It has been almost a year since the bird saw its face in our window and wanted to come inside.
Back in the spring of last year, my wife and I decided the bird was a female cardinal. Since then, we have been startled out of sleep dozens of times by the same bird banging against our bedroom window just after dawn, or heard it thumping against the downstairs windows at odd times of the day.
She has a nest in a tall bush near the back door. Some mornings when I go out to retrieve the newspaper from the end of the drive, she and her mate will burst out of the bush and swoop past my face, startling me with their cries.
A few minutes later she is once again sitting on a branch near one of the windows, flinging herself against the glass, over and over.
We have lived in this house for more than 20 years, and I don’t recall any bird ever deliberately striking the window, certainly not with such fanatical dedication.
I have been reading and thinking about reincarnation quite a bit recently, and though it takes a serious leap of credulity, this bird’s behavior stirs my imagination.
I picture some former resident of this more than a century-old house, reborn into the body of a bird, trying to return to a place he or she once loved.
Could it be the spirit of old Mr. Zerby, who grew the valley’s best sweet corn in a garden up behind the barn and died here at age 95? Or of his wife, who lived to an equally old age in this house?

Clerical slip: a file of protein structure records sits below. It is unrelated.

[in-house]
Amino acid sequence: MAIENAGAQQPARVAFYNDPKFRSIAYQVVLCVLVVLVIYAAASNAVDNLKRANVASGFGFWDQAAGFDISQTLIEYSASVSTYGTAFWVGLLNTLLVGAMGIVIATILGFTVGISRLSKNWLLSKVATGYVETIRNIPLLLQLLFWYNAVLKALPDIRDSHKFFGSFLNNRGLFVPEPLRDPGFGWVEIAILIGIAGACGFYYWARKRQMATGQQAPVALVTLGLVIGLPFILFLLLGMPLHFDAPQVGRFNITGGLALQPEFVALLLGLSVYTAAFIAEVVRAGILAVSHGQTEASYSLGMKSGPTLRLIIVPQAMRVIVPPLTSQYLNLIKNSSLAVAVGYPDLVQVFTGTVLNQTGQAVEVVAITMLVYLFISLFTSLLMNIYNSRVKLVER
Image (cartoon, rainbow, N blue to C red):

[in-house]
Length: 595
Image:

The obsessive creature may want to return to see what changes we have made to the old-fashioned wallpaper, the light fixtures that looked as if they were put in shortly after electricity was invented.
Maybe she wants to sit on the arm of my chair, like Poe’s Raven, and tell me what she has seen, where she has traveled.
This reminds me of the dream I had many years ago when our daughters were still small. I was standing in the back yard, looking up at the lighted windows where my wife and daughters were preparing for bed when I felt a pain in my chest.
In the dream, my spirit hovered over my body, then flew up to each of the windows and looked in with this deep sense of loss and longing, only the dog sensing me and barking at my shadow at the window. I did not want to leave my home and loved ones to go off into the darkness. Maybe the lady cardinal feels the same.
Master Zhuang wrote, “Only on waking do we know it was a dream. Only after the great awakening will we realize that this is the great dream.”
Maybe I really did die in that dream and everything since has just been a continuation of the dream. And so the cardinal is me, trying to return.
These are the idle fantasies I spin out of a bird tapping at the window. We are here such a little while. Maybe we shall return as a bird or a butterfly. It would be nice to think so.